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Posts Tagged ‘kilt pin brooch’

I thought I’d started the Baby Leaf-Tailed Dragon in 2018, which would have been bad enough, but the blog post from September 2018 when I moved him from a hoop to a frame and really got going, says I started him in 2015 – July 2015 to be precise. I did quite a lot of work on him in 2019 and even got as far as starting to couch the outline but then, like so many things last year, he lapsed and it wasn’t until last week that I picked him up and finally finished the couched outline. The next stage was to add the split stitch highlights. I’m always worried I’ll put them in the wrong places and it will look odd, so I usually prevaricate at this point, but I decided to just get on with it.

The result was a lot less difficult than I thought (it usually is…) and so his lower tail is nearly done!

I’ve also decided to get on with the last two pieces for my Kew Memory Journal. I want to base one on the beautiful Chihuly Persian Chandelier that was hung in the Temperate House.

I thought the wavy edged circles could work either in needlelace or crochet and while I decided which one would be most effective, I started a small sampler of needlelace stitches.

Corded Brussels Stitch is my go to needle lace stitch and after having worked the Single Brussels – twice – I know why. The Corded Brussels is always worked in the same direction. When you get to the end of the row you run the thread across the front, back to the start and then work over it, incorporating it into the stitch. It makes the lace firmer and because there is something to work over, more even, and the stitches all run in the same direction.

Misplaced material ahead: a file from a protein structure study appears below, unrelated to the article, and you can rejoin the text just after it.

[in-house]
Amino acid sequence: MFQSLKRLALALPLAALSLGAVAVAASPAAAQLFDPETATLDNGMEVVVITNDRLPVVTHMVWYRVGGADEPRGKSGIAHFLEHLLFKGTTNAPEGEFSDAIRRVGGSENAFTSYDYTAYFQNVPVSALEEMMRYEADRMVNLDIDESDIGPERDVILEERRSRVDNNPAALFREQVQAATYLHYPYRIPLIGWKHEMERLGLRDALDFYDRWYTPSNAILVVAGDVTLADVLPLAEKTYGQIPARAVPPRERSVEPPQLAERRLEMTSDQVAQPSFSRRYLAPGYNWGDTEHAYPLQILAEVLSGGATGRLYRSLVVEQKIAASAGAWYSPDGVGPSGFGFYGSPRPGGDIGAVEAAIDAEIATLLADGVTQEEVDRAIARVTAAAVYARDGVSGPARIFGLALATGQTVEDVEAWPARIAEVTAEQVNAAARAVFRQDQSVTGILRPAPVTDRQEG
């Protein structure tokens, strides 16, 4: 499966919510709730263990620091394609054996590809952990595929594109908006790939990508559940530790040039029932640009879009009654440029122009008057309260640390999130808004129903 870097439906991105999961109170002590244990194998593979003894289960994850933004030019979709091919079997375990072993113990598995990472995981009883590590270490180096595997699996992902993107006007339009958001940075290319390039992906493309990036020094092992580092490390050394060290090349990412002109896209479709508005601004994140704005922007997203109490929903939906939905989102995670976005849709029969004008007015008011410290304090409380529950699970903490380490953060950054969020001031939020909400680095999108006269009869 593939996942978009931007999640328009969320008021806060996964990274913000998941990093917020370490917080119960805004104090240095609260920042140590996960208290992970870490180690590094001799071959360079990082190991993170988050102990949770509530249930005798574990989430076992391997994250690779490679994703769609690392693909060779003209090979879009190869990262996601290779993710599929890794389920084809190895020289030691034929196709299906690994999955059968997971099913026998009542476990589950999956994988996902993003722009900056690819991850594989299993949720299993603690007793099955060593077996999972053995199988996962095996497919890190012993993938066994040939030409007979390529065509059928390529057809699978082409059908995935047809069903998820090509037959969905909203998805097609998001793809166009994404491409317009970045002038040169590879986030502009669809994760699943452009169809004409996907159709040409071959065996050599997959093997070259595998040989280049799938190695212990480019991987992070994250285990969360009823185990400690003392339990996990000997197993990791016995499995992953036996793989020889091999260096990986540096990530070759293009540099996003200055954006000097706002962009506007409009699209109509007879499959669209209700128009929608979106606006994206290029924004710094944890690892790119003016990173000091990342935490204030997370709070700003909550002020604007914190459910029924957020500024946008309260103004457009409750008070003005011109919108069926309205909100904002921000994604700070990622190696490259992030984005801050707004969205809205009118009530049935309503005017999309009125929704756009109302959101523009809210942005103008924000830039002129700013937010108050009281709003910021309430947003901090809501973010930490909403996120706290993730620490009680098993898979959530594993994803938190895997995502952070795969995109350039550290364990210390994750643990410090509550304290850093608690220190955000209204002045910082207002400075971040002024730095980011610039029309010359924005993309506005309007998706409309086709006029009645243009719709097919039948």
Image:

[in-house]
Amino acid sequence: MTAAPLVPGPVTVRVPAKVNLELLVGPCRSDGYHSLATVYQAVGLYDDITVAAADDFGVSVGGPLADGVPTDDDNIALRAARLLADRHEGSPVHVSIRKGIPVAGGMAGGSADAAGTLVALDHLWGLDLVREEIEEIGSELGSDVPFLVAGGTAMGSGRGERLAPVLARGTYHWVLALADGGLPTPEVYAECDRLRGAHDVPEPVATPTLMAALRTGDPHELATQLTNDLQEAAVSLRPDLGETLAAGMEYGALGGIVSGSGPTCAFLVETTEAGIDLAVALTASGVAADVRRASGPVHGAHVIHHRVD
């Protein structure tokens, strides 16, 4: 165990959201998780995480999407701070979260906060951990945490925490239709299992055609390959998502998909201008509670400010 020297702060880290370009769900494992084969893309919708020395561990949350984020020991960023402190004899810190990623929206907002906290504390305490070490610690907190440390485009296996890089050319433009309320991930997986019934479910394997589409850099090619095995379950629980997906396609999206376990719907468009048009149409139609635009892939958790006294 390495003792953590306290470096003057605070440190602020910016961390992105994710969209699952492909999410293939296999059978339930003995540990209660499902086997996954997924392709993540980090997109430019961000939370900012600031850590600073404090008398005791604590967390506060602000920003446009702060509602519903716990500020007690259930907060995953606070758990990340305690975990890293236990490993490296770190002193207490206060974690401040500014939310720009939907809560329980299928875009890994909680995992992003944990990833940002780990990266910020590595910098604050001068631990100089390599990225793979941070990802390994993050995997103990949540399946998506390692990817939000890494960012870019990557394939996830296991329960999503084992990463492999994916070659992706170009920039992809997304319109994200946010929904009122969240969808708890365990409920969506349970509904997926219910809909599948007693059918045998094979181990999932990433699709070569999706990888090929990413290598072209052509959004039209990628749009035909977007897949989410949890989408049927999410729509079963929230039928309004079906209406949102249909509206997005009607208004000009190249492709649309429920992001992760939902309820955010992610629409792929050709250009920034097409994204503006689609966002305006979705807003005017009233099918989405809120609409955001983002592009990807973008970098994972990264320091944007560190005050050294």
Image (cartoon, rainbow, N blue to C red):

The Single Brussels is worked from left to right and then when you reach the end of the row, back from right to left. I’m not very right handed and can work most stitches both right and left handed but I could not for the life of me get the rows even. On the left to right rows I could make the buttonhole stitch loops stay open but right to left they just wanted to flatten down to the stitch underneath. The second version is better than the first, but not by much.

However, as a sampler and a learning exercise, it’s been very useful.

The last old favourite is the final two kilt pin brooch kits.

Forest green, golden yellow, and brown.

and

Orange, bronze, brown, purple and gold.

Listed today in my Etsy shop with free UK P&P.

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Mainly because much of the embroidery I’ve been doing this week really isn’t interesting enough to share! More split stitch round the edge of the ’tiles’ on the medieval tiles piece and I’ve also made myself pick up the baby leaf-tailed dragon kit again but that’s all couching round the outline, so not much to see.